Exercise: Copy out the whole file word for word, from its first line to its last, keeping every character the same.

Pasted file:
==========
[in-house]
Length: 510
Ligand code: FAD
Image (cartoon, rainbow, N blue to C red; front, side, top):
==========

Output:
[in-house]
Length: 510
Ligand code: FAD
Image (cartoon, rainbow, N blue to C red; front, side, top):